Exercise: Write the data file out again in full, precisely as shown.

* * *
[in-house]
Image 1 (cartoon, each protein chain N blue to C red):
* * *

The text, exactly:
[in-house]
Image 1 (cartoon, each protein chain N blue to C red):